The Truth About Mortgage Prepayment Penalty Fees!
Prepayment penalties are fees charged if you pay off the principal balance of your mortgage prior to the mortgage term’s maturity date. Borrowers payoff their mortgage prior to the term’s maturity for a number of reasons – they switch lenders to take advantage of a lower mortgage rate, they refinance their home in order to take out equity, they consolidate all of their existing debts, or they have sold their home.
At the time of payoff, the penalty fee for a fixed-rate mortgage is typically calculated based on the original discount received off the bank’s posted rate, the prevailing mortgage rates at the time of payoff, the outstanding principal balance, and the remaining time to maturity (for a detailed explanation on how banks calculate their prepayment penalties, refer to “The Bank Is Giving Me A Big Discount Off Their Posted Rate. I Must Be Getting A Great Rate!?” in our FAQs. Note, all lenders utilize a different method to calculate their prepayment penalties and that is the subject of this article. For the same mortgage, we’ve seen the potential prepayment penalty at a major bank amount to $13,973, whereas, the non-bank lender’s prepayment penalty for the same mortgage was $2,258 - over five times the savings of the bank!
Based on this, you’d think that non-bank lenders would be the first choice for all borrowers. However, that isn’t the case. Most Canadians either go to the bank where they already have an existing relationship or to another major bank that has advertised a “special” low rate. Similarly, the prevailing belief that apart from the interest rate, mortgages are largely the same across lenders drives borrowers to consider only the major banks. Picking a mortgage lender due to a lower mortgage rate or the convenience of having one’s banking products at one institution is practical. However, when choosing a mortgage, borrowers should also consider non-bank lenders as the prepayment penalties can be several times lower than at a major bank with all of the other mortgage features being largely equivalent including the interest rate.
Failing to consider the prepayment penalties can potentially limit one’s future flexibility and end up costing tens of thousands of dollars extra. To show you what we mean, we have illustrated it in a concrete, real-life example below.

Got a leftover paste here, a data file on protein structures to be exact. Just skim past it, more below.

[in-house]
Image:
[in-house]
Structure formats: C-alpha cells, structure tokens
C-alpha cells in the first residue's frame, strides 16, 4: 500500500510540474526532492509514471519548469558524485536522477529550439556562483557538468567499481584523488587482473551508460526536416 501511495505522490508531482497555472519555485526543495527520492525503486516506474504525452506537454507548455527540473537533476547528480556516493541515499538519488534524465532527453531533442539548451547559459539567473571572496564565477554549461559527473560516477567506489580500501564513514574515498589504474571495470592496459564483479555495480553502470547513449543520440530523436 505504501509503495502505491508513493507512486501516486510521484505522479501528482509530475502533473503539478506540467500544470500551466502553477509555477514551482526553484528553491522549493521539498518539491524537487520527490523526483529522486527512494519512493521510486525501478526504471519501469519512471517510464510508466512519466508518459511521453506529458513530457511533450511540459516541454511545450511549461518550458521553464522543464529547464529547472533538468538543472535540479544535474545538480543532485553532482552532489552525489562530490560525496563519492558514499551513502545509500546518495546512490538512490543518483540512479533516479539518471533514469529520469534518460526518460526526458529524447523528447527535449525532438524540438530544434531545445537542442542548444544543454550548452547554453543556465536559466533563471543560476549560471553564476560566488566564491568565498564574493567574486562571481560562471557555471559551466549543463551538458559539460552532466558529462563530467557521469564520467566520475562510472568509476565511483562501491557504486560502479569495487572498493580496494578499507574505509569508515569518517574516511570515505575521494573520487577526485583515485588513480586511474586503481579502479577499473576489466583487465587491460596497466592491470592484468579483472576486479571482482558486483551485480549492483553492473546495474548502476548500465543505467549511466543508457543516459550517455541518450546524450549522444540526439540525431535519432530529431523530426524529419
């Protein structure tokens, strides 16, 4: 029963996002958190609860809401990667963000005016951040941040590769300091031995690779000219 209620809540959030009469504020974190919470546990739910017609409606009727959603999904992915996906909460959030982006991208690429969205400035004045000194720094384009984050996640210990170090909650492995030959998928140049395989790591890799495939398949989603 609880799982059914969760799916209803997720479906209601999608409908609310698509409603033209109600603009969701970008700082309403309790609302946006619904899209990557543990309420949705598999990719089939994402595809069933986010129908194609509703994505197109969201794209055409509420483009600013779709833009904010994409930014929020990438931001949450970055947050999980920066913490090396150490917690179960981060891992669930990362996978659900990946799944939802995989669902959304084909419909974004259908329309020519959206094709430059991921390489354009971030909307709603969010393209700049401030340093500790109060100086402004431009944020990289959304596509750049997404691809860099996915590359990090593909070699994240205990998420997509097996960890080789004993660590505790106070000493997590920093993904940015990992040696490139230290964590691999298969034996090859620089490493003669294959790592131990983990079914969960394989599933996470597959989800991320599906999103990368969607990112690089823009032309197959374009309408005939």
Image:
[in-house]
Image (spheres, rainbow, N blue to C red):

We recently had a married couple who were keenly determined to get their mortgage with a major bank. Based on their income and credit history, we were able to get them qualified at a major bank for a $630,000 mortgage (their own bank had qualified them for only $597,000). Based on the couple’s present situation and future plans, we thought it prudent to make them aware of the difference in prepayment penalty fees between the bank and non-bank lenders. We informed them that the non-bank lender we were suggesting is a specialist, institutional mortgage lender in the Canadian mortgage industry and also administers mortgages for major banks. Finally, we provided an analysis of the main differentiator between the banks’ mortgages and the non-banks’ mortgages - the prepayment penalty charges.
The following table shows the actual prepayment penalties between the two lenders for our clients’ mortgage using the same five-year fixed interest rate, the same initial mortgage amount of $630,000, and an assumption that rates stay the exact same over the next five years (downward rate changes will cause the penalties between the lenders to widen even further). These amounts were obtained using each lender’s own online prepayment penalty calculator.
|Month*||Balance||Bank Penalty||Non-bank Penalty||Probability|
|*Represents the number of months into the mortgage|
As seen in the table, there is a significant difference in the prepayment penalties between the two lenders. If we take this one step further and calculate the Expected Value (EV) of the penalty amount over the full mortgage term, using the probabilities in the last column, we get an Expected Value at the bank of $13,973 versus an Expected Value at the non-bank of $2,258. The probabilities shown are conservative estimates as actual data reports over two-thirds of mortgages in Canada are broken by the end of the fourth year. Apart from the prepayment penalties, essentially all of the other mortgage terms are basically equivalent between the two lenders’ mortgages (including our compensation).
This is an example of the type and depth of analysis we conduct for all of our clients as we guide them to their “Sleep Easy Mortgage.” Furthermore, this analysis isn’t meant to disparage the banks’ mortgage products as we do send a significant number of our deals to the major banks because it makes sense in those situations. Instead, the analysis is intended to encourage borrowers to consider mortgage features beyond just the interest rate and the lender. We will never suggest a mortgage product to our clients that we wouldn’t take ourselves if we were in their position. Also, the final choice will always be made by our client, based on their comfort level – our duty is to make that choice an informed one.
Sleep Easy Financial has access to 90+ mortgage lenders including the big banks. We beat the banks’ mortgages and our services are at no cost to you as we get paid by the lenders. Whether it’s for your next home purchase, mortgage renewal or refinance, our licensed mortgage professionals are committed to getting you your lowest rate so you save as much money as possible. We help you at every stage of the process and are with you for the life of your mortgage. Be mortgage savvy and let us shop your next mortgage for you. Contact us or schedule your complimentary consultation today.
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